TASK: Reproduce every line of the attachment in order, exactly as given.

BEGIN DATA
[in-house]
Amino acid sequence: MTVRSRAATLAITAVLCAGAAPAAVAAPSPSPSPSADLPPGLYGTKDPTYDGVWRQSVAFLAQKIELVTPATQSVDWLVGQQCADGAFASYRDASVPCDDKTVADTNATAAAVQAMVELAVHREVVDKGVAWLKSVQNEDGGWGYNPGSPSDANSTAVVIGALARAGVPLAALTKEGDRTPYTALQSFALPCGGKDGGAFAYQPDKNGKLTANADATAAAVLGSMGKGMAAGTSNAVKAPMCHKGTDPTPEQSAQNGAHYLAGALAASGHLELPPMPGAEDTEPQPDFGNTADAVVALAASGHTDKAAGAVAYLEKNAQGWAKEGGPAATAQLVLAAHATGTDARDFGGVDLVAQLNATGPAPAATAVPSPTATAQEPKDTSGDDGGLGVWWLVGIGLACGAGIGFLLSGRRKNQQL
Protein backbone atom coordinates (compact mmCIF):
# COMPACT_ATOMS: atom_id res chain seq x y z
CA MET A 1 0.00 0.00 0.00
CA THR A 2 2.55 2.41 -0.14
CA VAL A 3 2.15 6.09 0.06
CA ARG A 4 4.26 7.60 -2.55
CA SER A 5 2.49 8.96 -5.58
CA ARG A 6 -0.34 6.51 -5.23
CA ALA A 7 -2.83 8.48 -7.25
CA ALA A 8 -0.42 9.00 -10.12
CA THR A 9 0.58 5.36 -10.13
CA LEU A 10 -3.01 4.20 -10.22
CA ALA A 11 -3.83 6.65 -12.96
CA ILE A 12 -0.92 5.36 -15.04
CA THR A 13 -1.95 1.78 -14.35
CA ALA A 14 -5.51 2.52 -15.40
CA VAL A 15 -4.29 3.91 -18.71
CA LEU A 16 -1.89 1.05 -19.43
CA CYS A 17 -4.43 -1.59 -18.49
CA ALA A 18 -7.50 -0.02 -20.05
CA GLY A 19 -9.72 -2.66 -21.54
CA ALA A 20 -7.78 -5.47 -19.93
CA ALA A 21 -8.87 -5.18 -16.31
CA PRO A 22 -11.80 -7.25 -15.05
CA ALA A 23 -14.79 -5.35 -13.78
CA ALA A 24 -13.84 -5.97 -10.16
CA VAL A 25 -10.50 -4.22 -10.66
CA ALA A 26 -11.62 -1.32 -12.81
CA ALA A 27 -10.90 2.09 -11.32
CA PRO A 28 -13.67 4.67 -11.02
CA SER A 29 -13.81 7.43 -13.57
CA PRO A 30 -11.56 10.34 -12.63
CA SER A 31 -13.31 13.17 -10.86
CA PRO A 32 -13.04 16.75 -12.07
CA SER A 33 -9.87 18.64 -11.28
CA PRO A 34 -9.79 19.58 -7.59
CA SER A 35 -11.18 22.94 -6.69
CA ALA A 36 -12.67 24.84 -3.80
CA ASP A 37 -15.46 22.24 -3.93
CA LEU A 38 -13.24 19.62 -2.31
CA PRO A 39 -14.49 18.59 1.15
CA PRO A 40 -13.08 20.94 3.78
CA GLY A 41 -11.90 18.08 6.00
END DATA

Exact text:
[in-house]
Amino acid sequence: MTVRSRAATLAITAVLCAGAAPAAVAAPSPSPSPSADLPPGLYGTKDPTYDGVWRQSVAFLAQKIELVTPATQSVDWLVGQQCADGAFASYRDASVPCDDKTVADTNATAAAVQAMVELAVHREVVDKGVAWLKSVQNEDGGWGYNPGSPSDANSTAVVIGALARAGVPLAALTKEGDRTPYTALQSFALPCGGKDGGAFAYQPDKNGKLTANADATAAAVLGSMGKGMAAGTSNAVKAPMCHKGTDPTPEQSAQNGAHYLAGALAASGHLELPPMPGAEDTEPQPDFGNTADAVVALAASGHTDKAAGAVAYLEKNAQGWAKEGGPAATAQLVLAAHATGTDARDFGGVDLVAQLNATGPAPAATAVPSPTATAQEPKDTSGDDGGLGVWWLVGIGLACGAGIGFLLSGRRKNQQL
Protein backbone atom coordinates (compact mmCIF):
# COMPACT_ATOMS: atom_id res chain seq x y z
CA MET A 1 0.00 0.00 0.00
CA THR A 2 2.55 2.41 -0.14
CA VAL A 3 2.15 6.09 0.06
CA ARG A 4 4.26 7.60 -2.55
CA SER A 5 2.49 8.96 -5.58
CA ARG A 6 -0.34 6.51 -5.23
CA ALA A 7 -2.83 8.48 -7.25
CA ALA A 8 -0.42 9.00 -10.12
CA THR A 9 0.58 5.36 -10.13
CA LEU A 10 -3.01 4.20 -10.22
CA ALA A 11 -3.83 6.65 -12.96
CA ILE A 12 -0.92 5.36 -15.04
CA THR A 13 -1.95 1.78 -14.35
CA ALA A 14 -5.51 2.52 -15.40
CA VAL A 15 -4.29 3.91 -18.71
CA LEU A 16 -1.89 1.05 -19.43
CA CYS A 17 -4.43 -1.59 -18.49
CA ALA A 18 -7.50 -0.02 -20.05
CA GLY A 19 -9.72 -2.66 -21.54
CA ALA A 20 -7.78 -5.47 -19.93
CA ALA A 21 -8.87 -5.18 -16.31
CA PRO A 22 -11.80 -7.25 -15.05
CA ALA A 23 -14.79 -5.35 -13.78
CA ALA A 24 -13.84 -5.97 -10.16
CA VAL A 25 -10.50 -4.22 -10.66
CA ALA A 26 -11.62 -1.32 -12.81
CA ALA A 27 -10.90 2.09 -11.32
CA PRO A 28 -13.67 4.67 -11.02
CA SER A 29 -13.81 7.43 -13.57
CA PRO A 30 -11.56 10.34 -12.63
CA SER A 31 -13.31 13.17 -10.86
CA PRO A 32 -13.04 16.75 -12.07
CA SER A 33 -9.87 18.64 -11.28
CA PRO A 34 -9.79 19.58 -7.59
CA SER A 35 -11.18 22.94 -6.69
CA ALA A 36 -12.67 24.84 -3.80
CA ASP A 37 -15.46 22.24 -3.93
CA LEU A 38 -13.24 19.62 -2.31
CA PRO A 39 -14.49 18.59 1.15
CA PRO A 40 -13.08 20.94 3.78
CA GLY A 41 -11.90 18.08 6.00